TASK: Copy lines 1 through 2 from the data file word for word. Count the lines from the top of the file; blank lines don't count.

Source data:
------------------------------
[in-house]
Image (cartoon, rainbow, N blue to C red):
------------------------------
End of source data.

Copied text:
[in-house]
Image (cartoon, rainbow, N blue to C red):